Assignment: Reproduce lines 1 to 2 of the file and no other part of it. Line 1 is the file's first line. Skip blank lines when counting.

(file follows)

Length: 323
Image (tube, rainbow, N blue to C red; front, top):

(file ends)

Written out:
Length: 323
Image (tube, rainbow, N blue to C red; front, top):